• Expect glitches in tracking and detecting your position. If tracking is lost, wait a little for it to recover and don’t quit apps right away. You will also have to recenter the view occasionally (e.g when the plane turns sharply). Consider turning off the guardian from the Developer settings in VR.
  • Regular Quest 2 strap is fine! If you have purchased a custom strap for your Quest 2, you should consider that the default strap takes the least space and is probably the most convenient to use on the plane (e.g resting your head on the plane seat).
  • Prefer a window seat. Since in VR you are isolated from your surroundings, having a window seat would be the most convenient option. This way you won’t get interrupted when people want to get out of their seat and others won’t have to pat you on the shoulder to get your attention.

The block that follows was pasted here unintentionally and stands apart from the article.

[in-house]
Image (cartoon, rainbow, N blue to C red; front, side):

• Reduce fogging of the lenses (which tends to happen when you have to use a face mask) by directing the plane ventilator to blow air on your headset.

And that is it from me! I do hope this article was useful for your and helps you prepare for your upcoming flight. Wishing you a pleasant VR experience high above!

* Meta Quest 2 (My “daily driver” headset, which I absolutely love & recommend)
* Lenovo Legion 5 Pro (AMD Ryzen 5 5600H, Nvidia Geforce RTX 3060, 16GB RAM)
* TP-Link Archer C6 (budget dedicated router for Air Link, see my full setup tutorial)

* VR Cover Foam Replacement (one of the easiest & cheapest ways to improve headset comfort)
* BoboVR M2 Head Strap (reduce pressure on your head and improve the overall fit of the headset)

Martin Rakver

I am a software engineer and tech enthusiast. During my free time, I like to immerse myself in the world of virtual and augmented reality, which I believe will be more and more prominent in the years to come.